The temptation is to liken Barbara Bradshaw and Kim Morgan Dean’s performances in Mosaic Theatre’s Collected Stories to shooting stars intertwining on their blazing path across the heavens.
But the miraculous artistry on display Friday was pointedly not pyrotechnic. These virtuosos seemed so naturalistic that you almost never caught them acting, and yet, under Margaret Ledford’s direction, the pair deliver portrayals of a mentor and student that are mesmerizing.
‘Playwright Donald Margulies (Dinner With Friends and Time Stand Still) depicts the relationship between a crusty literary writer in late middle age Ruth Steiner (Bradshaw) and an initially breathless acolyte Lisa Morrison (Dean). During scenes stretching over six years, Lisa evolves from dewy-eyed fan to assistant to prot’g’ to colleague to friend to competitor.
”’ The arc of the plot is no surprise. As soon as Ruth reveals a particularly precious and painful memory, you can see the freight train bearing down the tracks. Just to help you along, Margulies strews portentous lines through the evening that foreshadow a literary riff on All About Eve. (‘You can’t censor your creative feelings because of the danger of hurting someone’s feelings,’ Ruth tells Lisa.)
But Margulies’ objective is to dig far deeper into the morality of making art than echoing that film’s straightforward condemnation of ambitious treachery. He explores the cannibalistic nature of artists scavenging inspiration from the lives around them when they cannot find what they need inside their own experience. He illustrates the considerable pressure of early success and the very real fear of a sophomore slump.
”’ In fact, once the expected trap is sprung, the confrontation is far from a one-sided exposure of betrayer and betrayed in a shouting match of dramatically satisfying recriminations. Lisa at first feigns surprise at her mentor’s anger. Then she unapologetically cross-examines Ruth’s rationalizations and mutual culpability in creating rules of engagement that enabled Lisa’s reprehensible actions.
”’ It’s a good script, but these are stunning performances, deftly directed. Naturalistic acting is hard work. You apply myriad pauses and looks and intonations, and then try to erase any sign of that technique. As another theater’s recent production proved, simply blunting the level of emotional reactions doesn’t work.
”’ But here, the audience is in expert hands. Some playgoers remember Bradshaw’s range from decades past, but most audience members recall only her recent string of brilliant portrayals of slightly dotty mothers and doyennes in absurdist comedies (The Chairs, Shear Madness and Why Torture is Wrong).
”’ So it will surprise some newcomers that her dramatic chops are every bit as honed and effective. There is one passage ‘ Ruth’s long reverie about her youthful love affair with a doomed poet ‘ that is simply transcendent. To be that convincing and to inject such a variety of line readings into such a long monologue is the work of a master actor.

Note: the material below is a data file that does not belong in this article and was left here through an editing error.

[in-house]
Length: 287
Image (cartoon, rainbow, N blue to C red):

”’ When Lisa says early in the play, ‘Your voice has been inside my head since high school,’ it’s instructive to watch Bradshaw’s Ruth subtly squirm with the knowledge that she can never live up to such adulation.
”’ Dean has always been a hypnotic actress projecting raw talent, beauty and charisma in such shows as Playhouse Creatures at The Women’s Theatre Project and Mosaic’s Body of Water. But her recent foray to make it in New York City has only deepened her skill. Her gleaming eyes radiate an intensity that seems hungry to add some of your life-force to her own, and she emits an alloy of calm confidence and barely restrained enthusiasm.
”’ The actresses have worked together before and they have a professional and personal relationship that pays off here. It’s not so much synergistic chemistry as much as trapeze artists who know each others’ moves, know where each other is supposed to be at any moment and know they will be there.
”’ Ledford’s direction would seem flawless, seamless and inventive ‘ except that it is so invisible that few people will realize that there is a sensitive, insightful ‘intelligence unifying and guiding Bradshaw, Dean and the creative staff. In lesser hands, you’d admire two skilled players volleying in an exhibition tennis game. But Ledford and company paper over any self-conscious theatricality so you can fool yourself into thinking you’re just eavesdropping. In fact, if there is any flaw (and you can persuasively argue that it’s a virtue), it’s that the two actresses rarely let loose a satisfyingly operatic rage in the confrontation scene.
”’ Scenic designer Douglas Grinn has built Ruth’s cozy Greenwich Village walk-up that has the feel of having been lived in for 30 years. Jeff Quinn’s lighting not only shows the passage of time during the day, but has Ruth sit in semi-darkness when she is upset. Costumer K. Blair Brown provides clothing reflecting Lisa’s changing relationship ‘ from a college student wearing her best outfit to a colleague lounging around in informal house clothes to an assured young woman wearing a fancy little black dress for a public reading.
”’ This calendar year has gifted South Florida with some terrific evenings in the theater such as Fifty Words and Blasted. But, it doesn’t get much better than this.
Collected Stories plays through Dec. 5 at the Mosaic Theatre, 12200 West Broward Blvd., Plantation. 8 p.m. Thursday-Saturday, 3 p.m. Saturday, 2 p.m. Sunday. No performance Nov, 25, but additional performance 7 p.m. Sunday Nov. 28. Tickets $15-37 available by calling (954) 577-8243 or www.mosaictheatre.com.